There are no surprises in the text of Janet Yellen's testimony this morning as she repeats that tapering will begin sometime this year and that a limited number of gradual rate hikes will extend over the next few years. Yellen said the long-run level for the balance sheet, now at $4.5 trillion, is still unknown and that the Fed does not intend to use unwinding as a policy tool. On rates, she said the neutral rate is "quite low" by historical standards and that the funds rate doesn't have far to go to hit a neutral stance for policy.
She repeated that inflation is being held down by unusual factors (cell phones, drugs and gasoline) and that uncertainty remains when inflation will respond to high levels of employment. Yellen also warned once again against using monetary tools in a "mechanical" way. On the economy, she said odds are 50-50 whether growth proves stronger or softer than expected and she gave an upgrade to the global economy, saying it has improved.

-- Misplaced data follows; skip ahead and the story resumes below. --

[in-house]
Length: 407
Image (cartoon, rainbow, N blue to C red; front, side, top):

In questions and answers, Yellen said the FOMC intends to return to a Treasury-only portfolio following the unwinding of its $1.8 trillion in mortgage-backed securities holdings. Regarding the timing of when unwinding will begin, which is generally expected at either the September or December FOMC meetings, she would only add that it should be done "relatively soon." She did, however, offer an indication on how long the unwinding will take, saying she expects it to end around 2022. On rates, she said one more hike is likely this year. She also expressed commitment to achieving the Fed's 2 percent inflation target and attributed recent price weakness to special factors, factors she warned that will hold down inflation rates until they drop off. Yellen further noted that unemployment, current at 4.4 percent, is running below what the FOMC considers to be sustainable. On her own status, she said she hasn't given further thought on her own reappointment and conceded that this may be her last semi-annual testimony (her term as chair expires in early February next year).